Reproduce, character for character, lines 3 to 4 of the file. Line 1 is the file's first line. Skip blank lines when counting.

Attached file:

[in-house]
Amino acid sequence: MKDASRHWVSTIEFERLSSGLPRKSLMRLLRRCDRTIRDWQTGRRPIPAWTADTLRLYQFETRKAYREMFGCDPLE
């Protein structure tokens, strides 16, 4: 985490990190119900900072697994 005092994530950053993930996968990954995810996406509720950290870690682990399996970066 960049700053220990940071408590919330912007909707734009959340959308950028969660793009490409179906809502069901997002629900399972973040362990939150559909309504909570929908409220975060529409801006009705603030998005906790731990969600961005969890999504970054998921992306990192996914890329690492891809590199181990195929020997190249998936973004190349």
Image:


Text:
């Protein structure tokens, strides 16, 4: 985490990190119900900072697994 005092994530950053993930996968990954995810996406509720950290870690682990399996970066 960049700053220990940071408590919330912007909707734009959340959308950028969660793009490409179906809502069901997002629900399972973040362990939150559909309504909570929908409220975060529409801006009705603030998005906790731990969600961005969890999504970054998921992306990192996914890329690492891809590199181990195929020997190249998936973004190349």
Image: